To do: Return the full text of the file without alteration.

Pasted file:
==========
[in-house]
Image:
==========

[in-house]
Image: